ICC Test Championship

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ICC Test Championship
ICCranking logo.png
ICC Test Championship logo
Administrator International Cricket Council
Format Test cricket
First tournament 2003
Last tournament ongoing
Tournament format notional (ongoing points
accumulation through all matches played)
Number of teams 10
Current champion  South Africa (124 points)
Most successful  Australia (76 months)

The ICC Test Championship is an international competition run by the International Cricket Council in the sport of cricket for the 10 teams that play Test cricket. The competition is notional in the sense that it is simply a ranking scheme overlaid on all international matches that are otherwise played as part of regular Test cricket scheduling with no consideration of home or away status.

In essence, after every Test series, the two teams involved receive points based on a mathematical formula. The total of each team's points total is divided by the total number of matches to give a 'rating', and the Test-playing teams are ranked by order of rating (this can be shown in a table).

The points for winning a Test match or series are greater than the team's rating, increasing the rating, and the points for losing the match or series are always less than the rating, reducing the rating. A drawn match between higher and lower rated teams will benefit the lower-rated team at the expense of the higher-rated team. An 'average' team that wins as often as it loses while playing a mix of stronger and weaker teams should have a rating of 100.

The International Cricket Council awards a trophy, the ICC Test Championship mace, to the team holding the highest rating. The mace is transferred whenever a new team moves to the top of the rating list.[1]

South Africa are currently the highest-ranked team in the ICC Test Championship having beaten Sri Lanka 1-0 in a two match series held in Sri Lanka in July 2014. [2]

Current rankings[edit]

ICC Test Championship
Rank Change Team Matches Points Rating
1 Steady  South Africa 27 3353 124
2 Steady  Australia 32 3950 123
3 Increase  England 39 4063 104
4 Increase  Sri Lanka 31 3126 101
5 Decrease  India 29 2793 96
6 Decrease  Pakistan 23 2199 96
7 Steady  New Zealand 30 2787 93
8 Steady  West Indies 26 1962 75
9 Steady  Zimbabwe 9 352 39
10 Steady  Bangladesh 17 320 19
Reference: ICC Rankings, 16 September 2014

Historical rankings[edit]

World rankings for the top eight teams from 2003 to June 2011

The ICC provides ratings for the end of each month back to June 2003. The teams that have successively held the highest rating since that date, by whole month periods, are:

Team Start End Total months Cumulative Months Highest rating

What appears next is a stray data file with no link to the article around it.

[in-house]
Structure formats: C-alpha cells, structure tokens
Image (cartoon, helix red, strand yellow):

Australia June 2003 August 2009 74 74 143
 South Africa August 2009 November 2009 3 3 122
 India November 2009 August 2011 21 21 130
 England August 2011 August 2012 12 12 125
 South Africa August 2012 May 2014 21 24 135
 Australia May 2014 July 2014 2 76 123
 South Africa July 2014 Present 124
Reference: ICC Rankings

Since the ICC officially began ranking teams in 2003, Australia has dominated as it had done so in Test cricket since around 1995. However from 2009, several teams (Australia, South Africa, India, Sri Lanka, Pakistan and England) have competed for the top positions.

The ICC recently applied its current rating system to results since 1952 providing ratings for the end of each month back to 1952 further indicating Australia's historical dominance in Test Cricket with the most consecutive months ranked first (95) from September 2001 to July 2009, the highest number of months ranked first (317) and the highest rating (143). The table only begins from 1952 as prior to this date, there is not enough data available due to the infrequency of matches and the small number of competing teams in the earlier periods.

The teams that have successively held the highest rating since January 1952 till May 2003, by whole month periods, are:

Team Start End Total months
 Australia January 1952 May 1955 41
 England June 1955 February 1958 33
 Australia March 1958 July 1958 5
 England August 1958 December 1958 5
 Australia January 1959 December 1963 60
 West Indies January 1964 December 1968 60
 South Africa January 1969 December 1969 12
 England January 1970 January 1973 37
 Australia February 1973 March 1973 2
 India April 1973 June 1974 15
 Australia July 1974 January 1978 43
 West Indies February 1978 January 1979 12